What’s The Best Kind of Anchor For You?

Whether you paddle a kayak or like to fish out of a bass boat, choosing the right anchor is essential to ensure your craft doesn’t drift. Here’s how to choose the right anchor for all sorts of small craft

man leaning on boat anchor
Make sure you pick the right size anchor for the kind of boat you use. Lucas Favre/Unsplash

Being on the water is always a blast, but when the breeze blows and your kayak or boat begins to drift, it can be a hassle, particularly if you’re right on top of where the fish are biting. One answer, obviously, is an anchor of some kind, but how do you know which anchor to buy and how much does it need to weigh?

Ideal for Coral, Rocky or Weeded Bottoms

A 25-foot rope ensures your craft will stay in place. Extreme Max

BUY NOW

Craft this size don’t need a very heavy anchor, but you want a design that’s going to hold tight and not drag along the bottom. Grapple designs are a good choice for weedy or coral bottoms as they hold well and the flukes fold down for easy stowage. Anchors in the 3-pound range should do the trick for paddleboards, jet skis and kayaks. Having a marker buoy on the end of the anchor line is a nice option as you can leave your anchor behind, knowing that it will be right there (and easy to find) when you return.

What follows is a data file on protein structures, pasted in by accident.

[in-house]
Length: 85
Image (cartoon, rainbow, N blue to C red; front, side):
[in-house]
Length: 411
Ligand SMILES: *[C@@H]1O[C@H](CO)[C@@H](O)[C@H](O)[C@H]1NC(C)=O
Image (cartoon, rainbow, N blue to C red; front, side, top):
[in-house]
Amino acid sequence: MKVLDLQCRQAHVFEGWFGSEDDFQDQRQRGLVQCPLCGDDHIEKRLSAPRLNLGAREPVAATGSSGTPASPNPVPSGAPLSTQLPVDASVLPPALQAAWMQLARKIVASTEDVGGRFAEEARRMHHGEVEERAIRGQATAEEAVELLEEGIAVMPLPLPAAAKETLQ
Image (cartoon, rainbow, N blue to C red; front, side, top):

For Boats 15 to 19 Feet Long

This choice makes disengaging easy when it comes time to change locations. Amazon

BUY NOW

Larger bass or flats boats in the 15- to 19-foot range will need an anchor that weighs 10 to 15 pounds depending on the anchor’s design. You’ll also want to shop for anchors with flukes as they hold well in a wider variety of bottom types. Add 5 to 10 feet of chain and 7/16-inch nylon rope with lots of scope, and you won’t need to worry about your boat drifting.

Great for Pontoons

When chain and at least 100-feet of rope are added, model in this weight range are perfect for craft up to 20 feet. MarineNow

BUY NOW

Larger craft, like pontoon boats in the 19- to 20-foot range, generally have more super structure (and canopies) above the waterline that can really catch the wind. Here you’ll want to consider a much larger anchor (this one weighs 13 pounds) as well as at least 6 feet of chain and 100 feet of nylon rope, so you have plenty of scope. Kits like this are handy to buy because you get everything in one tidy package.